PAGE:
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4 times you can save by spending

By Paula Pant ·
Wednesday, July 24, 2013
Posted: 1 pm ET

If you are trying to save money with a frugal lifestyle, it can be tempting to always buy the cheapest product on the shelf.

But sometimes, paying a little bit more upfront can help you save in the long run. Here are some examples of purchases in which a higher initial cash outlay might actually be a cost-saving measure.


Many printer companies make their real profits on the ink you purchase (rather than the upfront cost of the printer). So, don't necessarily buy the cheapest printer at the store. It might only accept an expensive ink cartridge, leaving you with high ongoing costs.

Instead, research the ink cartridges that offer the best value. Then, buy a printer that's compatible with your desired ink.


Some discount shops sell clothes at unbelievable, rock-bottom prices. Unfortunately, these garments often wither away the first or second time you wear them.

I once made the mistake of purchasing a brand-new sweater for $10. I thought I had scored the deal of the year. It began piling and fraying within 48 hours. And within two weeks, it had frayed to the point that it couldn't be worn.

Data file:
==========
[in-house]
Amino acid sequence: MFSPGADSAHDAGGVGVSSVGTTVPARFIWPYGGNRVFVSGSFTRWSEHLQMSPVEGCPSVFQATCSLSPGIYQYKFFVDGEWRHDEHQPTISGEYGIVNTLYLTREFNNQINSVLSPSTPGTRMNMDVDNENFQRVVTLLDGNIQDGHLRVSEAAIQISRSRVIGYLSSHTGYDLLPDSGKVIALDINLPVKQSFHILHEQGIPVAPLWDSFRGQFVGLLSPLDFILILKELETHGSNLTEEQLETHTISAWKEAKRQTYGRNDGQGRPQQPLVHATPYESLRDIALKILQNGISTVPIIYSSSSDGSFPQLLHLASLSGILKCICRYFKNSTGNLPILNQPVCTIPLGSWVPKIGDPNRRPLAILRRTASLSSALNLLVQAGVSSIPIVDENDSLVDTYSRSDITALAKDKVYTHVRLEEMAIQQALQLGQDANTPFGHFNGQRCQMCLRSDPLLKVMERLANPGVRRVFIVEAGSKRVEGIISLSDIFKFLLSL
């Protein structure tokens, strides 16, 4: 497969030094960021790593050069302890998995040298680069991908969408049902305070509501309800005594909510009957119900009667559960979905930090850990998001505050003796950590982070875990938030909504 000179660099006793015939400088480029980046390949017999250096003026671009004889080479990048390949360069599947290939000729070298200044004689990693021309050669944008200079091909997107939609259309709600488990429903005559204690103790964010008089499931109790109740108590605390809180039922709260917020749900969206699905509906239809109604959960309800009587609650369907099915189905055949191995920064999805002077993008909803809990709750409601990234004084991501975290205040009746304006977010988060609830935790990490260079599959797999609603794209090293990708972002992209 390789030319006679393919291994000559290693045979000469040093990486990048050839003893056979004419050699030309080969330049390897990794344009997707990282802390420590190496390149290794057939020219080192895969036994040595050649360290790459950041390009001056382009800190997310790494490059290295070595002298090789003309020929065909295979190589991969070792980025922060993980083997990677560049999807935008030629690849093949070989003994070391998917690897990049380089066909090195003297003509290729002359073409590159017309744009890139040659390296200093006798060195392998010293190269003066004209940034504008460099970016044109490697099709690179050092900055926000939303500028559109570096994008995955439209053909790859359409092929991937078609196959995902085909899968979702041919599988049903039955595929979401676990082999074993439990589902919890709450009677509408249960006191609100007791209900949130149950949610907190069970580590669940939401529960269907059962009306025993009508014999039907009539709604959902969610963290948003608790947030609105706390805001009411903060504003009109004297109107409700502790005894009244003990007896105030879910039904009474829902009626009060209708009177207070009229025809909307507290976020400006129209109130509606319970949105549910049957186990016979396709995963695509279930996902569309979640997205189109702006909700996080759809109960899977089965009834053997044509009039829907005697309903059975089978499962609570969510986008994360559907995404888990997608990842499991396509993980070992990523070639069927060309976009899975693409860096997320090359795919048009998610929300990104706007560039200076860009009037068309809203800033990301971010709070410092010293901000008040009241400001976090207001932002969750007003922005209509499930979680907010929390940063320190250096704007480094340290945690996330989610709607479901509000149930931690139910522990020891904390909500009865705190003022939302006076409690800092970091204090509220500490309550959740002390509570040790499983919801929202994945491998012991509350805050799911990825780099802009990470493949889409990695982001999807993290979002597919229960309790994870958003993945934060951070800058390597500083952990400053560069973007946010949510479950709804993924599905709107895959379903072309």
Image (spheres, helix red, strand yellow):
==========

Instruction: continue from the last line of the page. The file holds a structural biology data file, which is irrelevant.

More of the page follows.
Consider the "cost per wear" of each article of clothing. It's fine to spend more on a garment that is durable enough to last for a long time.


Unhealthy stuff -- white bread, pasta, ramen noodles -- often makes up the cheapest items at the grocery store. But the long-term effect of these foods on your health can be dangerous to your well-being.

Perhaps you will save money today if you buy unhealthy foods. However, the savings may be spent later if you develop health conditions that require expensive medical treatments.

Instead, spend the extra money now to buy fresh produce, lean protein and whole grains. Consider it an investment in long-term health.


Have you ever put more money into fixing a car than you did into purchasing it? When you shop for a vehicle, view the "total purchase price" of a car as its initial cost, plus the repairs needed to make it safe and road-worthy.

If you've found a great $1,500 car, but it needs $4,000 in repairs, you might want to rethink the deal.

Don't splurge unnecessarily on luxuries and upgrades, but buy something safe and reliable. Remember, "best value" is not always the same thing as "lowest price."

Paula Pant blogs at about building wealth and living life on your own terms. She's traveled to nearly 30 countries, owns six rental units that produce thousands in passive income, and runs her own digital marketing company. Follow Paula on Twitter @AffordAnything.

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December 30, 2013 at 9:06 pm

Emergency purposes

Kecia lundy
August 09, 2013 at 8:33 pm

Just having money for leisure

Kecia lundy
August 09, 2013 at 8:31 pm

Emergency purposes

Kecia lundy
August 09, 2013 at 8:30 pm

Discount on clothea

Kecia lundy
August 09, 2013 at 8:29 pm

Hope this will help save